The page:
A Dream of Dying, Edinburgh Festival Fringe


On 16th June 2009, the body of a man was found dead on a beach near Sligo, Ireland. He had given his name as Peter Bergmann at his hotel, but postmortem investigations determined that was an alias. In the days running up to his death, CCTV recorded the man methodically moving around Sligo but taking advantage of cameras’ blind spots, he disposed of all items that could possibly be used to identify him. Monologue A Dream of Dying creates a young man who plans such a death in his future in an attempt to justify why Bergmann might have died the way he did. This quiet, reflective piece may not be the most exciting theatre at the fringe, but its subject matter is a sensitive look at life’s inevitability and the desire to control these final moments.

Lawrence Boothman embodies the fictionalised Bergmann, his friends and family from childhood through to recent graduate on the cusp of the rest of his life. As he contemplates what life will bring him – career, wife, children, grandchildren – he expresses the lingering fear that it could all go wrong. In either case, because life is so unpredictable despite the best laid plans, he is able to plan his death with mechanical precision. The calm rationale is both understandable and unsettling.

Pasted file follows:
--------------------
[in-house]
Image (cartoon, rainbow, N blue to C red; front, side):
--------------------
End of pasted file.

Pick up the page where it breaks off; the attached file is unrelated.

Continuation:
Boothman attacks the role with vigour, perhaps too much so in transitions that become rushed. Treasa Nealon’s text follows a natural narrative progression and Boothman tells it with instinct for its rises and falls, lingering over moments of tenderness and celebrating milestones. There’s an anti-theatricality to the piece, but it’s a good story well told.

Peter Bergmann’s true identity was never discovered. His remains evidenced late stage prostate and bone cancer so it is easy to draw conclusions as to why Bergmann chose to end his life. The saddest thing to consider is that whilst he worked hard to make himself unidentifiable, there may have been no one to look for him when he disappeared. A Dream of Dying, though not particularly theatrical, feels like a fitting homage to those that have died unknown and unclaimed the world over.

A Dream of Dying runs through 27th August.

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